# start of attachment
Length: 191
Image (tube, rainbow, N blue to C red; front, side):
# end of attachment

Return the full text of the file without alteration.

Length: 191
Image (tube, rainbow, N blue to C red; front, side):